Barbara – France’s best-kept secret

Iconic French singers tend to be known worldwide. Virtually everybody is familiar with the names, if not the music, of Édith Piaf, Juliette Gréco, Mireille Mathieu and Serge Gainsbourg. But who has ever heard of Barbara? In France she was, and still is, a legend. Alongside Jacques Brel and Georges Brassens, she was one of the pillars of chanson française in the 1960s, as well as the first … Continue reading Barbara – France’s best-kept secret

Agi Jambor: a nearly forgotten pianist

The first time I came across her name was in 2009. A gentleman called Stephen, a friend of Ms Jambor’s, had uploaded some of her recordings on YouTube. I was stunned by the beauty and sensitivity of her playing, and fascinated by her life story – worthy of a Hollywood movie. Born in Budapest in 1909, Agi Jambor [pronounced: Yambor] made her debut with a symphony orchestra … Continue reading Agi Jambor: a nearly forgotten pianist

Chopin and the Tarantella

This is probably Chopin at his most untamed. None of the melancholic melodies or refined embellishments that characterise the composer’s music is to be found in this piece. The great composer Robert Schumann described it as: Chopin’s most extravagant manner; we see before us the dancer, whirling as if possessed, until our senses reel. In her live performance of Chopin’s Tarantelle, Maria Perrotta manages to … Continue reading Chopin and the Tarantella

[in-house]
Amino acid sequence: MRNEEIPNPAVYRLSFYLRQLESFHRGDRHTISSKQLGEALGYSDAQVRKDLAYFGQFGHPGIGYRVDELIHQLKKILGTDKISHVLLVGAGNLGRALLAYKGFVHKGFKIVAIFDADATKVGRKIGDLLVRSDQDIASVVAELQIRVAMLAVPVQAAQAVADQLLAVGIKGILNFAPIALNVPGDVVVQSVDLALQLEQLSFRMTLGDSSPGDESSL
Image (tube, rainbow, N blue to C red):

Chopin and Dalida: two migrant stars

In an era of indifference, intolerance and downright hostility towards external and internal migrants across this supposedly civilised Europe of ours, it is important to remember how much a foreigner can contribute to the cultural life of his or her adopted country. Yet it seems ironic that while most migrants are marginalised and rejected by societies at large, when a non-native happens to be loved by … Continue reading Chopin and Dalida: two migrant stars

Rimbaud and Verlaine in London

London is renowned for attracting rebellious, hedonistic characters (in one word: dropouts) from around the world. But two former inhabitants definitely top the bill. Their decadent lifestyle makes the hipsters of today look like Boy Scouts! As a teenager I was fascinated by their story, and spellbound by their poetry. Rimbaud and Verlaine were highly influential poets of the 19th century. Paul Verlaine was 27 when … Continue reading Rimbaud and Verlaine in London

The Quarrel of the Buffoons

When thinking of Baroque music, it is Bach that immediately springs to mind. Indeed, Johann Sebastian is the indisputable King Supreme of the musical style. But Handel, Scarlatti and Vivaldi are probably just as well known. Another great, if slightly less familiar, Baroque composer is Jean-Philippe Rameau (1683-1764). Now widely regarded as one of the leading French composers of his time, his music lost popularity … Continue reading The Quarrel of the Buffoons

Les Enfants du Paradis

Often described as the greatest French film of all time, this legendary epic is where cinema and poetry merge into one. Written by Jacques Prévert, Les Enfants du Paradis was made during WWII, in spite of the restrictions imposed by the Vichy regime, and premiered in Paris in 1945, a few months after the Libération. The film had a huge impact on France because it was so … Continue reading Les Enfants du Paradis